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GAME admits buying Tesco 3DS stock to sell second hand

Retailer planned to mark-up preowned consoles at same price as mint due to "supply shortages"

Specialist retailer GAME has admitted that it encouraged staff to buy 3DS units from supermarket Tesco in order to sell them second hand in stores.

Once its own 3DS units had ran out the company planned to sell the second hand consoles at the same price as mint stock.

"It has been authorised by the business that members of staff from stores are able to purchase stock from Tesco stores and then trade them back in to your store as preowned stock," said the letter from head office, distributed to stores on the evening of the console launch and forwarded to our sister site Eurogamer.net.

It has been authorised by the business that members of staff are able to purchase stock from Tesco and then trade them back in to your store as preowned.

GAME letter to staff

"It offers a great opportunity to gain 3DS consoles and games for your store's preowned stock."

The company detailed how team members were to take money from tills and buy consoles from Tesco's £175 offer, which involved buying a full price game at £34.90, but not sell them until all GAME stock had sold out.

It also included a list of the top games staff should buy with their Tesco bundle, with Warner Bros. LEGO Star Wars III at the top due to "limited market stock".

"Please note this task is not mandatory, it is only to be done when and if you have staff available and not to be done under any circumstances if you feel it may compromise personal safety. If you do this, you should consider the risks associated with this activity," warned the letter from head office.

"The price of preowned consoles will be set at the same price as mint due to expected supply shortage on the market and quality of the stock."

GAME admitted that it okayed the move in a bid to secure preowned stock.

"Some of our stores wanted to move quickly last weekend to build their preowned stocks of 3DS at the same time as their local competitors, so we gave them a process to do that," said the company in a statement.

"It was not mandatory, and happened in small volumes."

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Latest comments (21)

John Donnelly Quality Assurance 8 years ago
On one hand I think, Smart move to get their hands on stock.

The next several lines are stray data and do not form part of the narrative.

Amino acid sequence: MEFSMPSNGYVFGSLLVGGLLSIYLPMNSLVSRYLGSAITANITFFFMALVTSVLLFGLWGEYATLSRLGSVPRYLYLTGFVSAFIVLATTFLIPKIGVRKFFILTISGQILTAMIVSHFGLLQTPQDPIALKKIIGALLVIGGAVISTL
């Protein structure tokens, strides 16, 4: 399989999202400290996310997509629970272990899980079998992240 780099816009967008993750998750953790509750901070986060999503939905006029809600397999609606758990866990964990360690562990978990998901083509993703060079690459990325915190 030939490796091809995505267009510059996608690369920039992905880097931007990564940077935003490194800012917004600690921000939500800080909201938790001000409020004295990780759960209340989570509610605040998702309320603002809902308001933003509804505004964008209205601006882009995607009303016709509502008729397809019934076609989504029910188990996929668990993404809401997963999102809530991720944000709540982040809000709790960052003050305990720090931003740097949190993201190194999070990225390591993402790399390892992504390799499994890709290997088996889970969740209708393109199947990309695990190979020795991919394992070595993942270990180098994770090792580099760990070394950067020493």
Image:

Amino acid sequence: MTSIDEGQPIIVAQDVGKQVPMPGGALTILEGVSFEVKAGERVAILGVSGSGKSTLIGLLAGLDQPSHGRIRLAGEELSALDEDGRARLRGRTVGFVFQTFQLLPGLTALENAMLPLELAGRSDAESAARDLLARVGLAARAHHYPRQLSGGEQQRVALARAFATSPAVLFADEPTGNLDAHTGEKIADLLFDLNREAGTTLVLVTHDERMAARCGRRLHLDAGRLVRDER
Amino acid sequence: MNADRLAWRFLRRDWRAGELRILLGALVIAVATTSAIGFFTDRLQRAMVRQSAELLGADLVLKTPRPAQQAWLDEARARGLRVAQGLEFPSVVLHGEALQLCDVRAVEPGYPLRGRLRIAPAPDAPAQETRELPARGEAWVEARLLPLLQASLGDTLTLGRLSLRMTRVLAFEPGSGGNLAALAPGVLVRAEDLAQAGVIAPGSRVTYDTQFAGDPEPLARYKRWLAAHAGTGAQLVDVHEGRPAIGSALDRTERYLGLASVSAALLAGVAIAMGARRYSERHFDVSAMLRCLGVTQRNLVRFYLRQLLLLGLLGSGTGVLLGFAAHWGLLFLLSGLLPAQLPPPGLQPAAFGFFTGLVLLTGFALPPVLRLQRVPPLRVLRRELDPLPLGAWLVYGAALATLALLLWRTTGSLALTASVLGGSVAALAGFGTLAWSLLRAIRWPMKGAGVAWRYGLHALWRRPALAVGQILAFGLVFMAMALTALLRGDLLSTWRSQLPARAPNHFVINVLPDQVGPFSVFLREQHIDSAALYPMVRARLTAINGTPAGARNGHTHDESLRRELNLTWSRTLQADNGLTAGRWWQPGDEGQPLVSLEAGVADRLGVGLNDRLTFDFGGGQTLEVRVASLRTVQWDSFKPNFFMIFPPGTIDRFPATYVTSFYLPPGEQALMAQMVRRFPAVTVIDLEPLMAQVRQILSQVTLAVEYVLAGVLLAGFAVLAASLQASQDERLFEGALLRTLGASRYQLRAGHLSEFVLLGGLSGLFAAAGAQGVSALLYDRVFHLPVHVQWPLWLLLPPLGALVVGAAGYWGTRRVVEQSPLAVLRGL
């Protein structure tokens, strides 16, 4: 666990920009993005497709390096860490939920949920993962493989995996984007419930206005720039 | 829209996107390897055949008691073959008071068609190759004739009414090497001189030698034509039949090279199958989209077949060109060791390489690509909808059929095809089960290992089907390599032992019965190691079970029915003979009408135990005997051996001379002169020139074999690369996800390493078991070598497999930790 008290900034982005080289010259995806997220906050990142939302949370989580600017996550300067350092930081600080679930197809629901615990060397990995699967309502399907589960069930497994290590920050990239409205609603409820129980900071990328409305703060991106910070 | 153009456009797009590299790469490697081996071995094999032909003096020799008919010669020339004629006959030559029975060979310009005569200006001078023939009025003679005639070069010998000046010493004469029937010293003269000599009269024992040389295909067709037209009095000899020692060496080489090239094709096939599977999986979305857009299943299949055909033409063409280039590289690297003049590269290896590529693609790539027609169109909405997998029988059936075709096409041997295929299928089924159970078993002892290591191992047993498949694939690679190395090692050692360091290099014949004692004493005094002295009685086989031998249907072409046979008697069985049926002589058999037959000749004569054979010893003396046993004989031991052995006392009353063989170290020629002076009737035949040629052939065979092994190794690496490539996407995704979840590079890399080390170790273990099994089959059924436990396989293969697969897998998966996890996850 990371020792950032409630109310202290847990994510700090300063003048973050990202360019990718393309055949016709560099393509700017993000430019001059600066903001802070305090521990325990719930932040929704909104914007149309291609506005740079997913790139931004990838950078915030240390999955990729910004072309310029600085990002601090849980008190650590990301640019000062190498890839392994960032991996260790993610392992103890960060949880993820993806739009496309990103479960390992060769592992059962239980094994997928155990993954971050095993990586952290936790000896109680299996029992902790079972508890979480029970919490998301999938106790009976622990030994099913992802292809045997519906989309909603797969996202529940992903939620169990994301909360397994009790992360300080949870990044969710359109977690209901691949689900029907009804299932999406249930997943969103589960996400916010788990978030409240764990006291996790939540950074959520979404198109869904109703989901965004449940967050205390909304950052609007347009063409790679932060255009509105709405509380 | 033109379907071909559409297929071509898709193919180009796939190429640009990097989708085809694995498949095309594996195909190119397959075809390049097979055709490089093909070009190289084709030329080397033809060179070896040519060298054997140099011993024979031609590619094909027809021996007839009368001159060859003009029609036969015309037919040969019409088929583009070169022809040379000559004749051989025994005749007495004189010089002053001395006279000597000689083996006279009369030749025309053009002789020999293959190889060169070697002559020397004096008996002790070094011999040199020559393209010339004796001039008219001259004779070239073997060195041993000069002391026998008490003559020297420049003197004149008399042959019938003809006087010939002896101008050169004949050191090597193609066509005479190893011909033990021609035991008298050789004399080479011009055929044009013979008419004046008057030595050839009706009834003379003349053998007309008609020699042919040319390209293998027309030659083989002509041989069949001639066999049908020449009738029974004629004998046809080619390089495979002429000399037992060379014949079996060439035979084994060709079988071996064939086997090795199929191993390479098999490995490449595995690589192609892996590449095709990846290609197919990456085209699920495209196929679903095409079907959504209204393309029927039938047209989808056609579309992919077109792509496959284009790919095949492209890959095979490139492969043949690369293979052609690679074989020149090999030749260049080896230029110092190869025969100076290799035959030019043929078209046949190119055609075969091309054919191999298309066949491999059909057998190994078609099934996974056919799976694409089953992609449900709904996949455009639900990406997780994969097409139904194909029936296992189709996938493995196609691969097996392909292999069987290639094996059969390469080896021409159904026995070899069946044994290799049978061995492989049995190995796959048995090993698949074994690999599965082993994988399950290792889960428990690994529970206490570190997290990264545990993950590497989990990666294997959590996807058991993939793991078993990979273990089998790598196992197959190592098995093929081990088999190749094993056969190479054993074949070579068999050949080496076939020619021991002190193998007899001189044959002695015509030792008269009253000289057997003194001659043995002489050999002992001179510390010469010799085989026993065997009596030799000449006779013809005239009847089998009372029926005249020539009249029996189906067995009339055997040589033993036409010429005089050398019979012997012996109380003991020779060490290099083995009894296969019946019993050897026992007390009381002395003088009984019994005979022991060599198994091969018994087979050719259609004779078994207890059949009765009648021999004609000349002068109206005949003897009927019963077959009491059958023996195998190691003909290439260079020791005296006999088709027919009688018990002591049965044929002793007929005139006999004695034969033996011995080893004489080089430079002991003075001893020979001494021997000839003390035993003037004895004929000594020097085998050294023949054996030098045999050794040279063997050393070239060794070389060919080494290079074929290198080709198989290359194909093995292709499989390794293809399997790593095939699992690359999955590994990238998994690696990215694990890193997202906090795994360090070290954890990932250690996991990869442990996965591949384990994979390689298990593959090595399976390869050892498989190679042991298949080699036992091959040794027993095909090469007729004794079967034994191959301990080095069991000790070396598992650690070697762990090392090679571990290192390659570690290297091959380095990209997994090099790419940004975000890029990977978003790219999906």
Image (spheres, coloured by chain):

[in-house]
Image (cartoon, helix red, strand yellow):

On the other hand it does feel wrong.

Though its no worse than the EBay scalpers buying stock to re-sell when there are shortages at inflated prices.
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"If you do this, you should consider the risks associated with this activity"...?!
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Jonathan Davies Studying History, University of St Andrews8 years ago
@Jamie
Presumably the risks associated with sending staff out into the big bad world with a great wad of the store's cash in their back pocket.

Edited 2 times. Last edit by Jonathan Davies on 29th March 2011 5:22pm

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Show all comments (21)
Felix Gladitz8 years ago
"It was not mandatory, and happened in small volumes." - I love when these things get thrown around in an attempt to put out the fires.

And this one: "not to be done under any circumstances if you feel it may compromise personal safety."

- Personal safety? Like a ravaging fan boy putting your house on fire?

Edited 5 times. Last edit by Felix Gladitz on 29th March 2011 5:46pm

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Greg Wilcox Creator, Destroy All Fanboys! 8 years ago
Funny... When I worked in an independent game shop in NYC, we used to make a beeline for K-Mart to scoop up any unsold PS2's to resell because they restocked them quicker than our distributor...

@Jaime: re: "...risks associated with this activity?" Oh, Hell yeah.

I can recall having to place eight PS2's in a few garbage bags so I could make the three block trip back to the shop to avoid getting mugged. That and there was that one time when I had to pick up a bunch of consoles from the distributor on an early Monday morning and transport them by subway.